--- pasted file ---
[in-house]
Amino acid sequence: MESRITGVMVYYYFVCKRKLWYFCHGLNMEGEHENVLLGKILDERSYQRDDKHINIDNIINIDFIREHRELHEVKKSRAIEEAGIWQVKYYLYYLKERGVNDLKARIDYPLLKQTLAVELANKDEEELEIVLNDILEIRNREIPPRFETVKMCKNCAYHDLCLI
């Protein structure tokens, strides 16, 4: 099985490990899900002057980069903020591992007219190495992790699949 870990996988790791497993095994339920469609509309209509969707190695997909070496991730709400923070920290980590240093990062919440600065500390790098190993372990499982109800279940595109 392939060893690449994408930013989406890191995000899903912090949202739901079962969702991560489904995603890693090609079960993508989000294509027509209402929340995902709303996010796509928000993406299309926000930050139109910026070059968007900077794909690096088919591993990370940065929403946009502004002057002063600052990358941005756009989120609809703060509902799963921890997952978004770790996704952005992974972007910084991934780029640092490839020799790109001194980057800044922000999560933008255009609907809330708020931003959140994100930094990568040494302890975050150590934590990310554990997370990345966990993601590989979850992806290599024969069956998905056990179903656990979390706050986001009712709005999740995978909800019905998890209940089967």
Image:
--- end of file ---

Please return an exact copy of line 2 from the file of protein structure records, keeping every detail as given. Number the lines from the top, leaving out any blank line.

Amino acid sequence: MESRITGVMVYYYFVCKRKLWYFCHGLNMEGEHENVLLGKILDERSYQRDDKHINIDNIINIDFIREHRELHEVKKSRAIEEAGIWQVKYYLYYLKERGVNDLKARIDYPLLKQTLAVELANKDEEELEIVLNDILEIRNREIPPRFETVKMCKNCAYHDLCLI